By Staci Matlock
The New Mexican
Public Service Company of New Mexico’s latest plan for providing power to half a million customers over the next two decades is drawing fire from renewable energy and environmental advocates over a proposal to add more coal and nuclear power.
The plan by PNM, the state’s largest electric utility, includes a proposal to replace power from two units at the coal-fired San Juan Generating Station with a mixture of sources including coal, natural gas, nuclear power and solar energy. The plan was filed last week with the state Public Regulation Commission.
PNM’s plan “is the result of more than a year of rigorous, scientific analysis and significant and ongoing input from the public,” said Pat O’Connell, PNM’s director of planning and resources, in a statement.
O’Connell said the plan “responsibly balances the need for a robust power supply for our customers with our commitment to protect the environment and keep electricity affordable.”
Renewable energy advocates and environmental groups disagree, however, saying the proposal isn’t the least expensive plan for ratepayers and isn’t the most environmentally friendly. Environmentalists take particular issue with PNM including coal and nuclear energy in its plan to replace millions of kilowatts generated by the two San Juan units slated for closure by 2017.
David Robertson of the Sierra Club’s Rio Grande Chapter said PNM’s plan will use millions of gallons more water than if the utility opted for greater reliance on renewable energy.
New Energy Economy and the Sierra Club both advocate a plan that would more than double the amount of renewable energy in PNM’s proposal.
“Our plan, which is no new coal and no added nuclear and a total of 30 percent renewables, is absolutely cheaper and as reliable and without the financial vulnerability,” said Mariel Nanasi, an attorney and executive director of Santa Fe-based New Energy Economy.
O’Connell said in a recent interview that he had heard of the groups’ proposal, but “I have yet to see anything that is specific.”
The “integrated resource plan” that PNM filed last week is closely tied to a San Juan power replacement proposal filed with the PRC in December. Both must be approved separately by the PRC before they can move forward.
PNM has to file an integrated resource plan every four years. Each plan requires a year of public input and meetings. A big part of this year’s plan is how PNM will replace power from the San Juan units.
O’Connell said his team ran through hundreds of scenarios before coming up with the proposed energy mix, which would be used through 2035.
PNM had to take into account the cost of a new carbon rule — an estimated $35 to $55 per ton of carbon emissions.
O’Connell said renewable energy and natural gas will likely provide a lot more of the power used by customers in the years ahead.
Battery storage for renewable energy in particular “could be a game changer,” he said. The cost of solar power already has declined dramatically in the last five years. Limited storage options have been the primary hurdle to expanding solar and wind, which can’t provide electricity constantly like natural gas or nuclear. PNM is experimenting with ways to store the renewable power at an experimental site near Albuquerque.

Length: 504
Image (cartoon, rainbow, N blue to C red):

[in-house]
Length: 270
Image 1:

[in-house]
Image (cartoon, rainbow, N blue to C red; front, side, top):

But currently, PNM says, a mix of coal, nuclear, solar and natural gas is the most reliable and least expensive way to replace power from the San Juan units slated for closure.
PNM originally told state regulators it wanted to buy an additional 78 megawatts of coal power generated by other units at San Juan. But in May, the company changed that request to 132 megawatts of additional coal power.
Sierra Club and New Energy Economy said that proposal will cost more in dollars, water use and long-term environmental problems.
For one thing, Nanasi said, PNM didn’t include the costs of a new proposed federal regulation for coal ash produced at coal-fired plants, which would make coal ash a hazardous waste.
In a recent report to investors, PNM notes that the new regulation would result in “significant exposure” to increased costs.
PNM also wants to start selling its New Mexico customers energy it owns from its share of the Palo Verde Nuclear Power plant in Arizona. Currently, that power is being sold to other customers on the open market.
Nanasi said estimates based on PNM’s own filings show the company would sell the power to New Mexico customers at a higher rate than it charges other customers. “Currently, they lose more than $6 million on Palo Verde III,” Nanasi said. “It will turn their losses into profits on the backs of PNM ratepayers.”
Timing and scale
O’Connell said he understands renewable energy and environmental advocates want to see solar and wind increased dramatically. “We’ve been adding and are planning to add more renewable energy,” he said.
But PNM has been constrained by costs, he said.
If the company had added more solar six years ago, he said, the cost to consumers would have been more than twice what a solar facility would cost now.
He expects new technology and market changes to keep driving down the cost of renewable energy.
A hearing on the San Juan Generating Station retirement and power replacement plan is scheduled for October. The PRC has not yet scheduled hearing on PNM’s integrated resource plan.
Contact Staci Matlock at 986-3055 or firstname.lastname@example.org. Follow her on Twitter @stacimatlock.